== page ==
Did I have a name picked for my daughter? I didn’t know. I guess I was supposed to be thinking of that during the abruptly halted eight months we shared the same body or during the 18 excruciating hours we spent separating ourselves from each other. I had not thought of a name for her. I spent that time trying to figure out how I would care for a child when I still felt so childlike myself. I spent that time trying to ignore the physical changes my body was undergoing. I spent that time trying to think of one person I knew whom I could emulate as a mother. No, a name for her had never even crossed my mind. I knew the kind of mother I wanted to be. Coincidentally, I never realized I’d wanted to be a mother at any point in my life until I discovered I was pregnant. That was when I realized in my heart that I had always imagined children in my future. Yet I always saw motherhood as something in the future, never in the present tense.

My own mother was cold and distant, the neighborhood “crazy lady” whom children taunted and adults shamefully avoided making eye contact with. Her spirit was broken from years of seeking solace for her tortured mind in the bottom of bottles and the pull of smoke. I’d wondered throughout my childhood if she indeed did love me. I grew up hoping and praying she wouldn’t call out my name when I passed her on the streets on the way to school. I constantly wished she had just left me behind. Who had given her permission to bear children?

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My mother hadn’t named me herself, but left it for my father to do, for she was unable to stand the sight of me from birth. My father, a thoughtful man with sensitive eyes, a booming voice and strong hands that manipulated piano keys into the sweetest melodies, made sure to protect me from my mother’s harsh stares and accusations. He, a man whom I later found out had not one drop of blood running through my veins, made sure I grew up feeling loved, nurtured and protected. I had no one like that for my daughter, no one to protect her from the pain of the world, teach her to love herself, shield her from the hereditary madness that was sure to descend upon her, eventually.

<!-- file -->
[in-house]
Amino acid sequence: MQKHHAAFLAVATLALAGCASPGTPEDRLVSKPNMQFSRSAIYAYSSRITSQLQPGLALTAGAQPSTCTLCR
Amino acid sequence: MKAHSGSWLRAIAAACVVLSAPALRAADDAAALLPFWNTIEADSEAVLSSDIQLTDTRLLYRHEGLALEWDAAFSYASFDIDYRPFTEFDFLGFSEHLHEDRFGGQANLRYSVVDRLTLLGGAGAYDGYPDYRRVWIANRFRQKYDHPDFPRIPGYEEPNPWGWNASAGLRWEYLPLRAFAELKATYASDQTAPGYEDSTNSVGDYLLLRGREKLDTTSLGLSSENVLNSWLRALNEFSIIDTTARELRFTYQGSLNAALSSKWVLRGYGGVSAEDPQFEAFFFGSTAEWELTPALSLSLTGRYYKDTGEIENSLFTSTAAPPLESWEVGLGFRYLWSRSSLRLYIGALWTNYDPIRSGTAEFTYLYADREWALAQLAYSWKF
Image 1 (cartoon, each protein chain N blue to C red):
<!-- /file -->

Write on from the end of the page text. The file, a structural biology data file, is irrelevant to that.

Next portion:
I grew up watching television mothers like Claire Huxtable. She was the epitome of what I thought a woman should be. Sophisticated and beautiful. Smart, successful, loving, caring, and so together. I saw myself balancing a career, a relationship with my successful, loving husband who had an incredible sense of humor, and attractive, well-behaved children who only got into laughable real-life situations. But I was not Claire. I was Sophie.

Anna brought my daughter to me in the twilight before morning on the second day of my being there. I imagine that to Anna I appeared indifferent and awkward. Anna stood hesitantly at the door, trying to determine if she was using her professional judgment or letting her emotion get in the path of something she could not change. She had held my daughter beforehand and felt her power. She thought that all I needed to do was to hold her to understand that we needed each other.